Beyond Perfect Storm

Beyond a Perfect Storm – How Racism, Covid-19, and Economic Meltdown Imperil Our Mental Health


Joel E. Miller, M.S. Ed.
Executive Director and CEO
American Mental Health Counselors Association

Angele Moss-Baker, LPC, LMFT, MAC, DCMHS-COD
President, 2020–2021
American Mental Health Counselors Association

Eric T. Beeson, Ph.D., LPC, NCC, ACS, CRC
President, 2019–2020
American Mental Health Counselors Association

Gray Otis, Ph.D., LCMHC, CCMHC, AMHCA Diplomate–Trauma
President, 2011–2012
American Mental Health Counselors Association

Napoleon Harrington, M.A., LPC, NCC
Founder and Therapist 
Ambassador Counseling & Resource Group (ACRG)

Beverly Smith, Ph.D., LPC, NCC, CCMHC, ACS, BC-TMH, CFT, MAC
President-Elect, 2020-2021
American Mental Health Counselors Association


In addition to threatening Americans’ physical health and economic stability, the coronavirus pandemic has caused high levels of emotional distress throughout the country. The levels are so high in fact that the report’s co-authors believe the country faces an imminent national mental health crisis—unless Congress, states, and local communities take action. Undeniably, U.S. society is in a collective state of traumatic distress.

According to the study, the impact of racism, the pandemic, and an economic downturn will worsen over the next few years, and the tsunami of mental health misery will include:

  • Wage earners who will not be rehired
  • Health-compromised individuals with a pre-existing condition
  • Social drinkers who are now consuming more and more alcohol
  • Parents who agonize about the future of their school-age children and disabled children
  • Uninsured Americans who will not receive help for chronic anxiety and depression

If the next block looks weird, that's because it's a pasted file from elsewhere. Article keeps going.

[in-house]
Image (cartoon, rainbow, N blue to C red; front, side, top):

Based on the AMHCA report, nearly 41 percent of adults nationally are reporting that they are suffering from a mental health disorder -- or about 103 million adults in the U.S. The AMHCA study is based on surveys developed by the U.S. Census Bureau, Centers for Disease and Prevention, and the National Center for Health Statistics.

For more information, please see the link below to a key table through the Census Bureau Pulse Survey.



The American Mental Health Counselors Association (AMHCA) was established to support those who were engaged in Clinical Mental Health Counseling. This primary function of AMHCA has continued since 1976 without pause. While there are other associations that represent mental health professionals, since its inception, AMHCA has fully focused on the advancement of the profession of Clinical Mental Health Counseling. The mission and vision of AMHCA promote the advocacy of enhanced mental and emotional well-being for all through effective public policy and other initiatives that address integrated behavioral health. To learn more about AMHCA go to